Major corporations like Google or Amazon invest millions of dollars a year in developing (MT) technology. This could expand MT’s capabilities and its cost saving potential. But while great excitement about the productive aspect of MT can be gauged, there is a much more important investment that is being widely unattended and ignored in the process. I speak of in machine translation users in the wide sense. The latter refers to all people that have been “touched” by MT, as there is a very relevant psychological aspect for everyone involved, ranging from clients purchasing MT services to the linguists involved in the translation workflow as well. You think that covers it? Well, there’s a lot more emotionally labile people involved. End-users and their sense of usability of an MT derived output, translation agencies hiring post-editors, academia working on developing post-editors and MT research, MT engine developers, etc. You name it!

We’ve mentioned in previous posts how post-editing might well be the best option when it comes to combining the human spark of creation and understanding with the unfathomable capabilities of neural net technology. With both at the service of the translation industry we can certainly maximize results while minimizing costs and saving precious time in the process. But the main issue is, most MT processing linguistic human resources see basic machine translation technology with uneasy eyes, not only as a potential threat to their trade (something very few will actually admit) but also as a hateful gadget that mostly hinders and gets in their way. They would rarely see it as a helpful tool to attain better results.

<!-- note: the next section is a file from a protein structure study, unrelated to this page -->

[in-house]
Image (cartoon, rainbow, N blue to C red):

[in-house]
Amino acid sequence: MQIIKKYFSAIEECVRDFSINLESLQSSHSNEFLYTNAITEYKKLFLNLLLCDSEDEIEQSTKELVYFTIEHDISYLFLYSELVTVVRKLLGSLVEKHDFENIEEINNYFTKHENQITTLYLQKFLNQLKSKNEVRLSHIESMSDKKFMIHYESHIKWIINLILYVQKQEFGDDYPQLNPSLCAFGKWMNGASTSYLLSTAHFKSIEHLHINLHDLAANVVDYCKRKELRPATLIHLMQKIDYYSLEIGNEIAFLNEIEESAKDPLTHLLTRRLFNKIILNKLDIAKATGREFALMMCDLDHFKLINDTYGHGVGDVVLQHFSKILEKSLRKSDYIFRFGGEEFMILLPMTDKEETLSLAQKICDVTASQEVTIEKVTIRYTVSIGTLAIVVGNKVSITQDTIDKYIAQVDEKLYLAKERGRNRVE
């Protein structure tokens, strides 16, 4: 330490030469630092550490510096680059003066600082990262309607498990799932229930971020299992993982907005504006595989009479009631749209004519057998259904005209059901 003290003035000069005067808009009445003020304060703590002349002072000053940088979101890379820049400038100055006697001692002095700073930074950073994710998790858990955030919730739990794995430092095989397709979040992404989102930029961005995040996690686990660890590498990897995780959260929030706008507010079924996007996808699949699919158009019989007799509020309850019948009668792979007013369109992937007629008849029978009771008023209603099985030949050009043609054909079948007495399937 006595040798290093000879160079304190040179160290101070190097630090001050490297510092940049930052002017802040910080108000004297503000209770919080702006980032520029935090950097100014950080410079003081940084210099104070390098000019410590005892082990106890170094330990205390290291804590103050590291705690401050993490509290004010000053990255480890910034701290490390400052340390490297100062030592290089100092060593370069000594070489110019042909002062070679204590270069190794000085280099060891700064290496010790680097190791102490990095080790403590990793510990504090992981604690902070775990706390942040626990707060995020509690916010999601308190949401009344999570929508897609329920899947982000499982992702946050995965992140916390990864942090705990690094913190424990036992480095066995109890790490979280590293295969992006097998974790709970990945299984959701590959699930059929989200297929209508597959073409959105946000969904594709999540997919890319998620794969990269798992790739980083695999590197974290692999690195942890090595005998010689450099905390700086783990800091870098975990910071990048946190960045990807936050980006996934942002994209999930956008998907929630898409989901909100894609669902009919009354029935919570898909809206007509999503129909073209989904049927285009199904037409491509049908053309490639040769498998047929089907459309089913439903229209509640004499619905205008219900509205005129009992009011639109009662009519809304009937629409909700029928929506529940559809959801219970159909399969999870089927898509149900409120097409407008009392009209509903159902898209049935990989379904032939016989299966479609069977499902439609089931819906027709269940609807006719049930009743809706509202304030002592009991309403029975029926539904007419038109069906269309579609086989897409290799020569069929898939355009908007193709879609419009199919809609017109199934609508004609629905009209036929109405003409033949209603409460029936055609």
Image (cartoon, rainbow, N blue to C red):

While these thoughts may be based on legitimate grounds (due to flawed or traumatic first pilot experiences with MT), I can’t help but feel disturbed by the intensity of some of their emotions on the subject, a certain bias which generates an acute tunnel vision, a strong barrier that obstructs further debating the matter and its potential advantages.

Several studies on the subject have proven that individuals interacting on a regular basis with MT technology have had much better acceptance of their results when the engines being used include some degree of neural networking or deep learning technology (compared to simple phrase-based). Why is that? As simple as being more prone to trade a better flow (syntaxis) for accuracy.

That’s why I mention emotional investment in machine translation as a key element to reinventing the concept for users.  Understanding the latest changes that have been implemented in the process can help MT-using linguists get over their fears.

It seems the classic, more standardized way of MT, (based solely on statistical comparison rather than artificial intelligence) is much better perceived by heavy users, considering the latter to be more efficient and easier to “fix” whenever a Post-Editing task is being conducted, while Post Editing pre-translated text, with more classical technology has proven to be much more problematic, erratic, and what has probably nurtured the anger against MT in the first place, giving it a bad name. Most users (if not all of them) will take on pre-translated material processed with statistical MT rather that rule based MT any day. It seems Neural MT could be the best tool to bridge the way to an increased degree of acceptance by heavy users.

If you’ve read some of my previous posts, you know I tend to be as apocalyptic as it gets when it comes to even flirting with the idea of machines slowly taking over the world (if we millennials don’t get to destroy it first, that is), but it does seem reasonable that a certain degree of cooperation between men and machines could bring us a step further in the evolutionary staircase that leads to either enlightenment or ultimate self destruction. Either way, it sounds like one hell of ride, one I wouldn’t dare miss out on. For better or worse, we all secretly wish to feel that vertiginous sensation that all sense of control is lost, at least for a moment. All part of this ridiculous emotional rollercoaster full of twists and turns that comes with dealing with the acceptance of change and how to embrace it.

In the wise words of Rage Against the Machine:

Know your Enemy…


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